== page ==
Thursday 28 May 2015

Solar Attrition Rates

An Analysis of the MCS Installer List

I recently had the opportunity to have a look in more detail at the list of installers registered with MCS, and what I found came as quite a surprise to me.

The number of solar PV installers registered with the Microgeneration Certification Scheme (MCS) has been on a declining path since the boom of 2010-11.  This is not news to anyone in the industry.

Right now, the number of solar PV installers registered with MCS (removing duplicates) is around 2,640, a fall of 24% since 2013.  But when you look at the actual companies that make up this headline figure you find that less than 50% of the solar PV installation companies on the list in 2013 remain two years later. 1,822 companies have left the market, but 980 new companies have joined the list in the last two years.

Churn Rates in Solar Installation Businesses

Turning to the list of solar thermal companies, we see that the decline in numbers has not been as severe as for the PV installer companies, a 13% drop from 1,298 companies in 2013 to 1,130 now.  However, the churn rate is just as eye-watering.  Nearly half of the solar thermal installers registered with MCS in 2013 are no longer on the list, but the 635 that have left have been replaced by 467 new companies.

What's going on?  Are these attrition rates normal for similar industries (home improvements, heating, electrical works)?  Or is there something 'special' about our solar industry?

Saturday 16 May 2015

How Energy Efficient is UK Housing Stock?

If you've ever wondered how efficient UK housing stock is, take a look at the two charts below.  They show the proportions of homes that achieve each Energy Performance Certificate (EPC) rating in England and Scotland.  

The EPC is a calculation that takes features of a house (its size, window area, insulation values for walls, floors, roof, windows and doors) together with its heating system and any renewable energy generation (for example solar thermal or solar PV) and calculates an energy performance score.

The energy performance score ranges from 0 to 100, with 0 being a home with the highest energy bills and 100 being a home with net zero energy bills.

The score a house achieves is reported as a letter from A to G, with A being the most energy efficient and G the least.

I created the charts below from data in the English Housing Survey 2013-14 and the Scottish House Conditions Survey 2013.

A few observations from the charts.

1. Social Housing is more energy efficient than either private-rented or owner-occupied housing.

Social housing has a much higher proportion of homes higher than D rating and homes higher than E rating. Social landlords and councils have been investing in energy efficiency for their housing stocks through a range of government incentives and obligations on energy suppliers.

2. Private-rented housing has a greater proportion of highly efficient homes than owner-occupied

Private rented housing has a higher proportion of B rated or (B+C) rated homes than owner-occupiers, but see next point.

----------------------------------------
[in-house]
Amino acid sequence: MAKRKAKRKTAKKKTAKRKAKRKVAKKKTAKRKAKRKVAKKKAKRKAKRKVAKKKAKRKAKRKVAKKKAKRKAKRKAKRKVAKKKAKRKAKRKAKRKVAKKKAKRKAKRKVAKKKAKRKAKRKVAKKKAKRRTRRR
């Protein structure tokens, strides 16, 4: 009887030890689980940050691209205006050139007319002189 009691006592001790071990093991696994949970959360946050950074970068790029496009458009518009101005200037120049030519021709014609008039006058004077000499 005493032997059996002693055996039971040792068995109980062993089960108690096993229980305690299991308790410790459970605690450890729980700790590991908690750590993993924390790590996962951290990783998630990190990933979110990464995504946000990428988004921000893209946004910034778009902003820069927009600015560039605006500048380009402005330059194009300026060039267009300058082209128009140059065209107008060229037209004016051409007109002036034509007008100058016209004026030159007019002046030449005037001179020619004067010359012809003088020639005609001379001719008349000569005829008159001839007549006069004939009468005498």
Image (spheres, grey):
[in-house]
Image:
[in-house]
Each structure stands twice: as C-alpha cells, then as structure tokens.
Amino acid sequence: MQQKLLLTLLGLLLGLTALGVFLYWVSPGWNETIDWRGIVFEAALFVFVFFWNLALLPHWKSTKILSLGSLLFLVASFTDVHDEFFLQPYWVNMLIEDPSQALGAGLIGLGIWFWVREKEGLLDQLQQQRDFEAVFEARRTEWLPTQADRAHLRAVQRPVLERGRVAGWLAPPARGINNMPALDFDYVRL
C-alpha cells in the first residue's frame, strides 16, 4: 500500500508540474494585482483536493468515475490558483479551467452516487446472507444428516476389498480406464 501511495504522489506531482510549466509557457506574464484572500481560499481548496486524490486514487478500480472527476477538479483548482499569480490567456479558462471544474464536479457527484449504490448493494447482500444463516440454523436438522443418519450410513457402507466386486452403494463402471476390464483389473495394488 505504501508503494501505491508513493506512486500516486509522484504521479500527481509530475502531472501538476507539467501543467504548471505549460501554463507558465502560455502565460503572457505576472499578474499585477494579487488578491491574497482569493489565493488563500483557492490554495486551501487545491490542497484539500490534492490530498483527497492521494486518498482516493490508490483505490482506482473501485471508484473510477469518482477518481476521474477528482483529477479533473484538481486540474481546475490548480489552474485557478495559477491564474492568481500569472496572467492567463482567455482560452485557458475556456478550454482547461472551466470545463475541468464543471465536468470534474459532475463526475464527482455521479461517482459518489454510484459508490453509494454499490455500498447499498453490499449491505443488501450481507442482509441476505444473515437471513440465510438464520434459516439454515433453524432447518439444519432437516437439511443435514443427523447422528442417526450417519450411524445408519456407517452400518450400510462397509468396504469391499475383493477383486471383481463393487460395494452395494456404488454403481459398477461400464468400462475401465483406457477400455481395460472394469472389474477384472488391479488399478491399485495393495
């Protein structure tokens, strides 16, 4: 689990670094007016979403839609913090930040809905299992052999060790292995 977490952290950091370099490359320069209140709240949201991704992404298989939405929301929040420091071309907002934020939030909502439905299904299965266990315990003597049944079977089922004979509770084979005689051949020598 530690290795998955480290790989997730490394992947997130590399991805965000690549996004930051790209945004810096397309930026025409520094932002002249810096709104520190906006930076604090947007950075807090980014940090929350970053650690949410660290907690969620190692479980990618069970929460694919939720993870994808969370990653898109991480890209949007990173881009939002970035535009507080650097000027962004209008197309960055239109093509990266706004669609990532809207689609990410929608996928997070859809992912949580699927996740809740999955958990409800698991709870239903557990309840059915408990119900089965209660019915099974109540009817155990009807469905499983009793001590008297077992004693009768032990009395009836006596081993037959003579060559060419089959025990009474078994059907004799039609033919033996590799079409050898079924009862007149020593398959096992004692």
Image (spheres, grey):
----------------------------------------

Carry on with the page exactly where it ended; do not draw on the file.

3. Private-rented housing also has a greater proportion of very inefficient homes than owner-occupied.

Private-rented also has a higher proportion of (F+G) and (E+F+G) rated homes than owner-occupied homes.  It seems like most people who own their own home take the energy performance (and perhaps comfort) of their homes to D, but no further.

4. Scotland has more energy efficient homes than England.

This is counter to what I was told in recent meetings in Scotland.  There was a view that homes in Scotland were less well insulated than the rest of the UK and more expensive to heat.  The EPC statistics tell a different story.  However, EPCs based on SAP 2009 do not take local climate into account and assume we all live in Sheffield.  If the average temperature in Scotland is lower than England then a house of the same EPC will be more expensive to heat in Scotland.

5. There's still lots to do!

There's almost no A rated homes, and very few at B.  Most homes are EPC D or lower.  In a previous blog I calculated that a 4kWp solar PV system will raise the EPC score of a home by 20 points - enough to jump it up one band.  A solar thermal will add 3 to 6 points to a score, enough to bring many homes from one band to the next.

Thursday 7 May 2015

The Impact of Solar PV and Solar Thermal on EPC Ratings

The EPC Rating is a score between 1 and 100


The Energy Performance Certificate (EPC) is a fundamental plank of the government’s strategy to improve the energy performance of the UK’s building stock.

Since 2007 it has been a legal requirement that homes for sale have a report of their energy performance for potential buyers.
From 2018 it will be a requirement that rental properties have a rating higher than E.
In Scotland, all social housing will have to achieve an energy rating of C or D (depending on house type) from 2020
To access the Feed in Tariff for solar PV, it is necessary that the building achieves an EPC D rating